NASA had one embedded cinematographer named John Beck Hofmann who shot a remarkable percentage of this mission from the very beginning. And there was a lot more footage from the first year of the mission. Then the robots kept surviving. The filmmakers were there less and less, and then they would show up for the critical junctures in their missions. And of course, they started filming a lot at the end of both missions as well. But it was an incredible archive and it's like one of those filmmaker folklore stories that I always hear about from my friends where they get this archive and have no idea what's on it, but it's handed over to them. I'd never made a film like that, but that's totally what this was like. And I had a huge team of people watching every minute of that looking for all these amazing moments. It was like looking for needles in a haystack.

Of course, there’s no archival footage of the rovers on Mars other than that classic “selfie,” because they were the ones taking the photos. So, how were the images of the rovers rolling around the surface of the planet created?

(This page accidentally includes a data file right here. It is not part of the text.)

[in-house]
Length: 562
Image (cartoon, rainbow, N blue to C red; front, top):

We had hundreds of thousands of photographs. Each robot had nine cameras on her and they were shooting photos all day long. And then there's two orbiters above Mars that shoot photography down on Mars, which are called high-rise photographs. And so, we know what Mars looks like. We know exactly what every day of these robot's journeys looks like because they are covered in cameras. And so, the question was can we bring that to life in a photo-real way? 

I made this film with Amblin Entertainment so they know their special effects, and they connected me with Industrial Light and Magic. I said, “Can you use all this photography to create an authentic Mars? Because I don't want to make a cartoon. And so, if it's going to look like a cartoon then let's not go down this path.” And they said, “We've never done that before. We've created Mars but it's usually around an actor in Utah somewhere, and we create the world around him or her. But we've never built it from the ground up.”